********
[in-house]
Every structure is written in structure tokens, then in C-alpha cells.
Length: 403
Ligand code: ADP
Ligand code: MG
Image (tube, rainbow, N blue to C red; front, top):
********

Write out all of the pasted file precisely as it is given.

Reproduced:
[in-house]
Every structure is written in structure tokens, then in C-alpha cells.
Length: 403
Ligand code: ADP
Ligand code: MG
Image (tube, rainbow, N blue to C red; front, top):